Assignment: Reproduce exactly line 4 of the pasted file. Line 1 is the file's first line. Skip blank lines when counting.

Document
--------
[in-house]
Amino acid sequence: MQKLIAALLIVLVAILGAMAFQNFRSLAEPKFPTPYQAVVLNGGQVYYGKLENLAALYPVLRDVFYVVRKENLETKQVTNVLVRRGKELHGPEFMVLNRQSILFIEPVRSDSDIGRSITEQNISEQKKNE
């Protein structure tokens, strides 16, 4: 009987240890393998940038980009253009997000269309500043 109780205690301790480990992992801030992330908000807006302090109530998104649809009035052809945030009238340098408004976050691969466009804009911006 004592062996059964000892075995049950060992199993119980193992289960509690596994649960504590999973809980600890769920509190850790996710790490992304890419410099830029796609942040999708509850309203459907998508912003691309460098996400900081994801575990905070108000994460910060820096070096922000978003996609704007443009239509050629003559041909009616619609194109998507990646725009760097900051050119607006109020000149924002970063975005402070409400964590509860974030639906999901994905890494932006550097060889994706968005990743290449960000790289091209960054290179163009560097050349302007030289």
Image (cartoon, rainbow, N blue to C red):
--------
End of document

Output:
Image (cartoon, rainbow, N blue to C red):